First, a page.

In the past, Smith has said his Mormon background helped him empathize with victims of discrimination, saying he knows what it's like to be in a minority and have people make assumptions.

In his response during the panel discussion, Smith said he voted for the federal marriage definition because "I didn't want federal judges to impose it on other states that were voting differently."

He went on to say that changing the definition of marriage has broad implications that go beyond the gay and lesbian community. "What I'm telling you from the bottom of my heart is I'm trying to do the best I can without creating a much bigger problem," Smith said.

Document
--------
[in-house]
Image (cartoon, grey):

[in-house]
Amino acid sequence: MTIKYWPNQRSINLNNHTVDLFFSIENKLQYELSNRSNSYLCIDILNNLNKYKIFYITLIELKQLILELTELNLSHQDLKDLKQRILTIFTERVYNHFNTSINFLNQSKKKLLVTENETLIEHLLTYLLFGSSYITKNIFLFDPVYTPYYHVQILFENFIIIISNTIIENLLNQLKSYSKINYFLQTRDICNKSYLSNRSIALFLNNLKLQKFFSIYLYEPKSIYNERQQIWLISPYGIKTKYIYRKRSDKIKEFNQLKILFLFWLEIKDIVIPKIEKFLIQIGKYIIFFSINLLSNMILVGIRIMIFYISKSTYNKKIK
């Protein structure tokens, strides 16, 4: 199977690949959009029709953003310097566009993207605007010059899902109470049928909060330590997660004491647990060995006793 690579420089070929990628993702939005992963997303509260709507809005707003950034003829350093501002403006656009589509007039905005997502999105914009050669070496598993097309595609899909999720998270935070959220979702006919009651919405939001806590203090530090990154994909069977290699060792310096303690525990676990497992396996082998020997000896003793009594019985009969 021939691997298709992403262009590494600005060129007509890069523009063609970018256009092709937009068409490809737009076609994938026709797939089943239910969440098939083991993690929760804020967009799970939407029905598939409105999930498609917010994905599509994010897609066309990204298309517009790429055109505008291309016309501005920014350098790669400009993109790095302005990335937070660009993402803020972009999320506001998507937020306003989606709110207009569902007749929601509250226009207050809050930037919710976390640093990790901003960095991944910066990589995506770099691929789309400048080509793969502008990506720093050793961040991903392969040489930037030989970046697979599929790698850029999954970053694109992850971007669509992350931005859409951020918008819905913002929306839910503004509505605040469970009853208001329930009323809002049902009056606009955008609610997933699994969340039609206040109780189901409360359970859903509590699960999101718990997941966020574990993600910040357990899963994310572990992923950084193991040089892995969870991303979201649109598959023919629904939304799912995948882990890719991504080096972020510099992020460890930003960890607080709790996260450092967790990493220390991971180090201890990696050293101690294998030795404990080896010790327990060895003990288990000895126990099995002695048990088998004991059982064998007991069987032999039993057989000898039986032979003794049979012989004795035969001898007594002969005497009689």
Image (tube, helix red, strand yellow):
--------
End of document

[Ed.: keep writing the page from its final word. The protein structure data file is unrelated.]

Canter called Smith's statement and response part of a pattern. "This has happened a number of times now. Smith says something very confusing that offends people and then backpedals when the press starts asking questions."

Mormon MP adds Utah stop to bill

Darrell Giles
September 14, 2008

A STATE Opposition MP has billed taxpayers for a US trip to visit fellow members of the Mormon church.

David Gibson, the Liberal National Party Member for Gympie, claimed a $305 daily allowance during his week in Utah in June.

Mr. Gibson, a devout Mormon (Church of Jesus Christ of Latter-day Saints) who is the Opposition's climate change spokesman, justified the trip as a study tour because he visited Utah State University's sustainable building and irrigation engineering program.

He also billed taxpayers for attending The Art of Political Campaigning conference in Washington, where one of the sessions taught delegates how to dig the dirt on rival politicians.

Mr. Gibson said the three-day Washington conference was relevant because he was the Opposition campaign spokesman.

One of the presentations was called "Dumpster Diving: How to find and use opposition research".